I hate this buzz word. Gluten free does not mean healthy. Gummi bears are gluten free. In fact, most candy is gluten free. Cheetos are gluten free. Potato chips are gluten free. Totstitos salsa con queso is gluten free. Cyanide is gluten free.
2. Everyone on a gluten free diet is a hipster and/or is trying to lose weight.
Okay here is the problem. Somehow a gluten free diet was projected to the world as the go-to weight loss diet (which I find funny because, like I just said, replacement food is way less healthy than what you’re replacing). Sure, it works for some people because they just eat less of everything and replace junk food with whole foods (WHOA), but it has simply become trendy to be a part of this fad. And to annoyingly shove it in the face of everyone else. Which really sucks for those of us with a medical necessity. People are actually mean to us about it, saying we just want attention, or are just being stupid, or that it’s just a phase, as if this was a choice.
3. Just a little bit won’t hurt, and even eating more over time might help!
No. Just stop.
Celiac disease is not an allergy.
IT IS an autoimmune disease, and the only one with a known trigger. Triggering an autoimmune response again and again over time will not “train your body to deal with gluten”.
It will, however, slowly kill me. Yes? Yes.
Autoimmune =/= Allergy
4. Gluten free life is the worst.
Every. Single. Time.
“Oh that’s terrible!”
“Wow, your life sucks” (I get this the most often)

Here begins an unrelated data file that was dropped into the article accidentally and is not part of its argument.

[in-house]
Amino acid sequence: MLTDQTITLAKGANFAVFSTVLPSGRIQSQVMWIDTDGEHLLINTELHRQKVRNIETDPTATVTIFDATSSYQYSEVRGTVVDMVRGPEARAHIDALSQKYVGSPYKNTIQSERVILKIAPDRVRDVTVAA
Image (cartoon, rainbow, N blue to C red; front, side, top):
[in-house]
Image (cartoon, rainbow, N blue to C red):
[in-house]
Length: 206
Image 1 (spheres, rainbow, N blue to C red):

“I can’t imagine!”
And my personal favorite:
Would you die? Really? No, you wouldn’t die. Somehow I seem to manage. But I would actually die if I ate your food, so give it a rest. Also since when has it become socially acceptable to condescendingly tell someone their life sucks?
My life is not defined by the food I put in my mouth.
Suggestion? Instead, maybe ask us about what Celiac disease is. What kinds of foods do we usually eat? Or simply say “Oh, okay.” and move on with whatever we were talking about.
5. Eating gluten in front of me is the worst thing in the world you could ever do ever.
Disclaimer: this one may not apply to all gluten free people.
Tip: ask, but don’t go on feeling bad if we tell you to eat!
I’ll admit that I used to think this way whenever I did something like eat ice cream in front of someone who had lactose intolerance. I’d have it, see them, think terribly of myself and scarf it down as quickly as possible while avoiding eye contact.
And even for a while after I got diagnosed, I would get kind of sad seeing others eat gluten in front of me. Partly because I hadn’t yet discovered the huge world of foods that naturally don’t contain gluten, and partly because I could still remember what that cake you’re eating tastes like. But over time, things got easier, and my taste buds more forgetful. I got in the habit of bringing food most everywhere I go, so if you’re eating, and I’m hungry, I am too. I can’t focus on the fact that you have cake because this apricot is fucking delicious.
But really, that cake will also make me feel horrible for a week or more. I’ve gone through plenty of glutening mishaps to know this. So while you see delicious cake, in my mind I see something that smells really good, but I don’t want to eat it.
Okay that was a weird analogy, but you get what I’m saying. So go ahead, enjoy your food right in front of me like you would anyone, and let’s have a fun conversation about something. Shall we?